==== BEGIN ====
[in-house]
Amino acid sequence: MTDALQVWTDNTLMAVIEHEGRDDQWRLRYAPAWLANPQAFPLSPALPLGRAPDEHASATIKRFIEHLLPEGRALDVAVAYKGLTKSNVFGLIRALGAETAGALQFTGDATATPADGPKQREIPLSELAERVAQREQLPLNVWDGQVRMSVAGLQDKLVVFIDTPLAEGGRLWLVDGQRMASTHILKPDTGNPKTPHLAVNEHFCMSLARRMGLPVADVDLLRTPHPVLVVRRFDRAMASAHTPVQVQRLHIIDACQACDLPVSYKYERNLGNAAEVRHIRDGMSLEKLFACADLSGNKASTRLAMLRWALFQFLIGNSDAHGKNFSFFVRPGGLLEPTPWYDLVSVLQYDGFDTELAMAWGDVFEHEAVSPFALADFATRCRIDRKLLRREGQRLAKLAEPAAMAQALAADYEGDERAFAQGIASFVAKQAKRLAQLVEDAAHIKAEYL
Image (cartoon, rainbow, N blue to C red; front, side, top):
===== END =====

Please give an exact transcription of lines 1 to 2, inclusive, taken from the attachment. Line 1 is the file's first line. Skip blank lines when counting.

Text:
[in-house]
Amino acid sequence: MTDALQVWTDNTLMAVIEHEGRDDQWRLRYAPAWLANPQAFPLSPALPLGRAPDEHASATIKRFIEHLLPEGRALDVAVAYKGLTKSNVFGLIRALGAETAGALQFTGDATATPADGPKQREIPLSELAERVAQREQLPLNVWDGQVRMSVAGLQDKLVVFIDTPLAEGGRLWLVDGQRMASTHILKPDTGNPKTPHLAVNEHFCMSLARRMGLPVADVDLLRTPHPVLVVRRFDRAMASAHTPVQVQRLHIIDACQACDLPVSYKYERNLGNAAEVRHIRDGMSLEKLFACADLSGNKASTRLAMLRWALFQFLIGNSDAHGKNFSFFVRPGGLLEPTPWYDLVSVLQYDGFDTELAMAWGDVFEHEAVSPFALADFATRCRIDRKLLRREGQRLAKLAEPAAMAQALAADYEGDERAFAQGIASFVAKQAKRLAQLVEDAAHIKAEYL